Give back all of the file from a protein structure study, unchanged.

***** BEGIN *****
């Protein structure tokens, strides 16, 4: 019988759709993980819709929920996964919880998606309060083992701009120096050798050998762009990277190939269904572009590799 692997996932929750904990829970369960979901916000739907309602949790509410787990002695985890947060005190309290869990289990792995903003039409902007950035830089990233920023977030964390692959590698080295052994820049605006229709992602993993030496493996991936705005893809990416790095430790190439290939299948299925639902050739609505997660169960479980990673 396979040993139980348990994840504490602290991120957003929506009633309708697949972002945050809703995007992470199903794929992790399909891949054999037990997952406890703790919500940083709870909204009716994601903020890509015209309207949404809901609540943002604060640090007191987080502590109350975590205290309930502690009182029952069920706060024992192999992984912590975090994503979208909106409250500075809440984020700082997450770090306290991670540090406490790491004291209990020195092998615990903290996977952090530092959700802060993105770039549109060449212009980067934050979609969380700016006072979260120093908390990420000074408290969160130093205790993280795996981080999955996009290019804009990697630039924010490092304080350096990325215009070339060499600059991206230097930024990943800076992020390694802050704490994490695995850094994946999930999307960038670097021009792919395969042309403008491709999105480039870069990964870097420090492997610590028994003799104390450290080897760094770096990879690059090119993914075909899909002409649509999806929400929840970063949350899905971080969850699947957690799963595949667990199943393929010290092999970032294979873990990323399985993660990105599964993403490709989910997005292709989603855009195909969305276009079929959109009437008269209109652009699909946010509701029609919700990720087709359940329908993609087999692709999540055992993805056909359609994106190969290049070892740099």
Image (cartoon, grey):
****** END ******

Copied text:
């Protein structure tokens, strides 16, 4: 019988759709993980819709929920996964919880998606309060083992701009120096050798050998762009990277190939269904572009590799 692997996932929750904990829970369960979901916000739907309602949790509410787990002695985890947060005190309290869990289990792995903003039409902007950035830089990233920023977030964390692959590698080295052994820049605006229709992602993993030496493996991936705005893809990416790095430790190439290939299948299925639902050739609505997660169960479980990673 396979040993139980348990994840504490602290991120957003929506009633309708697949972002945050809703995007992470199903794929992790399909891949054999037990997952406890703790919500940083709870909204009716994601903020890509015209309207949404809901609540943002604060640090007191987080502590109350975590205290309930502690009182029952069920706060024992192999992984912590975090994503979208909106409250500075809440984020700082997450770090306290991670540090406490790491004291209990020195092998615990903290996977952090530092959700802060993105770039549109060449212009980067934050979609969380700016006072979260120093908390990420000074408290969160130093205790993280795996981080999955996009290019804009990697630039924010490092304080350096990325215009070339060499600059991206230097930024990943800076992020390694802050704490994490695995850094994946999930999307960038670097021009792919395969042309403008491709999105480039870069990964870097420090492997610590028994003799104390450290080897760094770096990879690059090119993914075909899909002409649509999806929400929840970063949350899905971080969850699947957690799963595949667990199943393929010290092999970032294979873990990323399985993660990105599964993403490709989910997005292709989603855009195909969305276009079929959109009437008269209109652009699909946010509701029609919700990720087709359940329908993609087999692709999540055992993805056909359609994106190969290049070892740099």
Image (cartoon, grey):